On a winter day in 2013 at the Admiraal De Ruyter Hospital in Vlissingen, the Netherlands, a veteran nurse named Bastian Teichert was about to administer a dose of medicine to a patient with epilepsy. But when he used a bedside pill-scanning device that the hospital’s psychiatric ward was piloting, he got a warning that something was amiss, even though nurses had checked—and double-checked—the medication.
At first, Teichert chalked it up to a technical error. But upon closer examination, he discovered that the pharmacy had given the hospital 500-milligram tablets when the prescription called for a 300-milligram dose. “The pills looked really alike,” he says. “So the patient had been getting the wrong dosage for a few days.”
Teichert estimates that in the two years his hospital has been using the bedside pill scanner, known as MedEye, he’s seen it flag about 40 errors. Its inventors, Ívar Helgason, SM ’08, María Rúnarsdóttir, MBA ’08, and Gauti Reynisson, MBA ’10, say that in hospital pilot tests in the Netherlands, the device has caught errors—some critical—in roughly one out of every 10 scans. “There are too many mistakes,” says Teichert. “The MedEye is an extra control on medication, so you give the right medications to the right person, at the right time, in the right doses.”
According to the 2008 Commonwealth Fund International Health Policy Survey, about 6 percent of chronically ill adults in Dutch health-care facilities reported being given the wrong medication or dosage while being treated. A 2002 study found errors in 19 percent of doses given to patients at 36 U.S. hospitals and skilled nursing facilities. And a 2006 report from the Institute of Medicine noted that a U.S. hospital patient, on average, is subject to at least one medication error each day, with most errors occurring during the prescribing and administering stages. The report estimates that these errors lead to about 400,000 preventable cases of injury or death each year, resulting in roughly $3.5 billion in extra medical costs.
Such troubling statistics are what prompted the three Icelandic alumni to develop their portable medication verification device, which relies on computer vision technology. “It’s a complicated chain of events that leads up to medication mistakes. But the bedside is the last possible place to stop these mistakes,” says Helgason, who cofounded Mint Solutions with his partner, Rúnarsdóttir, and Reynisson to develop and commercialize MedEye.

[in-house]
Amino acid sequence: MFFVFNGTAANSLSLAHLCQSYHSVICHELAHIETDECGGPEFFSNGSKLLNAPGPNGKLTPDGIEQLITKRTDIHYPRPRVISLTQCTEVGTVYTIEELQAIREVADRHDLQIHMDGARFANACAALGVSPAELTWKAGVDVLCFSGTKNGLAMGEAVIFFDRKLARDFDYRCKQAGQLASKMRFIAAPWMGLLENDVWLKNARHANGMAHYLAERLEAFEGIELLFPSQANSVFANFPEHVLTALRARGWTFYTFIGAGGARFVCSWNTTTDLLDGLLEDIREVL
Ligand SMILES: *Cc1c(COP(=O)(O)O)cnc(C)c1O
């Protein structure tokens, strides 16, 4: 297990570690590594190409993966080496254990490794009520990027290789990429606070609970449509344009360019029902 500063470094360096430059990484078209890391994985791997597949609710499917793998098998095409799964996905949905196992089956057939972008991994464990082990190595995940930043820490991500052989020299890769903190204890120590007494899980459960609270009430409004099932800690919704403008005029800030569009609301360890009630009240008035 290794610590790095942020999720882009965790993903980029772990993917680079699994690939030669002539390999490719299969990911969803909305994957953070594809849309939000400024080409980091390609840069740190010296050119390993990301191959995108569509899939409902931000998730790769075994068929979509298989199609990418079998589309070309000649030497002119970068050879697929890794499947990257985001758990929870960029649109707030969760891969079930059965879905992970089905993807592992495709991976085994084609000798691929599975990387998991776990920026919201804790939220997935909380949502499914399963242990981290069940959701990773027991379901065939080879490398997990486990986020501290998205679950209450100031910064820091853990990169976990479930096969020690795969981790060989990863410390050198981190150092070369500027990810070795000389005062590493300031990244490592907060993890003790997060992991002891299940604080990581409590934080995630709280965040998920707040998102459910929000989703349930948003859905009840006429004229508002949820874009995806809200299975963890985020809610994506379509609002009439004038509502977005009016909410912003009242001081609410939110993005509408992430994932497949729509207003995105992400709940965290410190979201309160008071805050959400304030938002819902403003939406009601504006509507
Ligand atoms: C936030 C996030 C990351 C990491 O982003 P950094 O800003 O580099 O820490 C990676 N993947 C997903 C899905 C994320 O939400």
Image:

To use the device, nurses scan a patient’s wristband with a handheld scanner to access electronic records and then push the prescribed pills into MedEye’s sliding tray. Inside, a small camera quickly scans the pills, recognizing size, shape, color, and markings (such as letters, numbers, and logos). Algorithms then seek out a match for the pills in MedEye’s database—which has descriptions of nearly all pills in circulation—and cross-reference the scanned pills with the patient’s medical records. Within seconds, results pop up on software that runs on a connected laptop. Green or red boxes appear next to the medication names to indicate whether they’re right or wrong.
“We want the device to be the nurse’s best friend,” says Reynisson, 38, who is Mint’s CEO and oversees the startup’s Amsterdam headquarters. (Helgason and Rúnarsdóttir live in Reykjavík, where Helgason, 43, runs the startup’s research and development efforts; Rúnarsdóttir, 36, now serves on Mint’s board.)
Helgason, who has an MD, and Reynisson, a software developer, met in the early 2000s as employees of the Reykjavík-based biopharmaceutical company deCode Genetics. Both went on to work at TM Software, where they helped Dutch and German hospitals set up electronic prescription systems and other ways of making medication errors less likely.
They found that although hospitals depend on nurses to catch errors caused by such things as illegible handwriting or confusion between similarly named drugs, mistakes slip through because nurses are busy and often overburdened, and there’s a lot to keep track of. Patients at the Admiraal De Ruyter Hospital, for instance, sometimes get up to 10 different pills at once, and their prescriptions can change daily.
Systems that require nurses to scan both a patient’s wristband and the bar codes on each pill container were lauded as solutions; in the United States, the FDA ruled in 2004 that certain drugs must have such codes. But the major hurdle, Reynisson says, was—and still is—implementing the systems. It’s especially difficult (and expensive) for small and medium-size hospitals to get the necessary software and scanners to work together, he says: often they’re made by different companies. And bar codes on pill bottles are sometimes difficult to scan, frustrating nurses and forcing them to bypass the system.